Japanese GP – Winners and Losers

Spread the love

We look at the winners and losers of the Japanese GP. It turned out to be a sedate Japanese Grand Prix for Lewis Hamilton who coasted from pole position to an easy win. Sebastian Vettel, on the other hand, ended up last after a collision with Max Verstappen and recovered to P6. But he lost further ground in the championship to Hamilton.

Japanese GP – Winners and Losers

The Winners

Lewis Hamilton

The Briton scripted his ninth win of the 2018 Formula 1 season at the Suzuka circuit and extended his lead in the drivers’ championship to 67-points over Sebastian Vettel. The Mercedes W09 seems to have an edge over the Ferrari SF71H with their recent tweaks and updates. Hamilton crossed the line to take his 71st career win and a fifth win at the Japanese GP (one win came at Fuji).

Hamilton started on pole and coasted to his sixth win in seven races. This is the Briton’s fourth straight win and 50th victory for Mercedes. Hamilton is on the march to his fifth world title and will join an exclusive “club of two”. Juan Manuel Fangio and Michael Schumacher are currently the only two drivers who have won five or more titles.

Hamilton said: “Naturally I’m very, very happy. The whole weekend has been incredibly strong from the team. A great one-two from Mercedes. A true showing of the real strength in depth we have as a team. This track is the best track in the world. They don’t make tracks like this anymore – I don’t know why. Every second of the run – it was great fun.”

Max Verstappen

The 21-year old Dutchman scored his third consecutive podium at the Japanese GP. It was an eventful race that saw him run into both the Ferrari drivers, Kimi Raikkonen and Sebastian Vettel. He was handed a five-second penalty for his first run-in with Raikkonen (taken at his first pitstop). The clash with Vettel was treated as a racing incident.

The season started with a series of errors, but Verstappen has recovered with seven podiums now. After the race, Verstappen was given a single penalty point on his license for the Raikkonen clash. With eight penalty points in the current 12-month period, Verstappen is four points away from a full race ban.

Verstappen robustly defended his actions off-track as he does on the track. He did not think he did anything wrong in the Raikkonen clash. He had this to say about the Vettel clash: “In that corner, you can’t overtake. I even gave him space but he understeered into my car. For me, it was a bit similar to China this year where I made the mistake because he was a lot faster and he could have easily overtaken me the next lap. So I think even the most experienced drivers make these mistakes. I think we both already got penalised with damage, but looking back I think it was a similar scenario to China and I got a penalty there. But at the end of the day, it is like it is. It’s just not nice that it happens.”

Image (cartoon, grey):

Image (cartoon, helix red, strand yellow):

Daniel Ricciardo

The Australian has been in the wars in recent races with reliability issues taking a toll. He was seen screaming in frustration in the pitlane after a loss of power during qualification that saw him knocked out in Q2. The Australian started P15 on the grid. From there he scripted a fantastic comeback drive that saw him finish fourth.

Ricciardo made a strong start that put him in the points by lap 3. By lap 15, he was fifth behind Raikkonen. His first pit stop on lap 24 saw Ricciardo get past the Finn for fourth place. Briefly, he challenged his teammate Verstappen for third before he settled for fourth. The “Driver of the Day” award was well-deserved.

As his Red Bull career winds down, Ricciardo would like to finish strongly and add to his 29 career podiums. After the Monaco win, things have gone wrong for Ricciardo. He now languishes in sixth position (146 pts) in the drivers’ championship.


Mercedes seems to have won the development race and edged ahead in performance recently against arch-rival Ferrari. It looked like doom and gloom going into the Italian GP with Ferrari set to beat them on the high-speed circuit with their superior straight-line speed.

After qualification, both Mercedes drivers were on the second row behind the Ferrari drivers. This seemed to confirm the fact that Ferrari had now edged ahead of the dominant team of the hybrid-era. But with the help of their 4-time world champion driver Hamilton, the team fought against the odds and scored an unlikely win in front of the Tifosi.

The Italian GP win for Hamilton started a four-race win streak that has seen the Briton open up a 67-point lead over Vettel in the drivers’ championship. The two Mercedes drivers have qualified and finished 1-2 in the last two races. The Silver Arrows has opened up a 78-point lead over Ferrari in the constructors’ championship now. Mercedes are within striking distance of both titles. Another double-title win will see the Silver Arrows win for the fifth consecutive season. Absolute dominance in the hybrid-engine era since 2014 !!

Racing Point Force India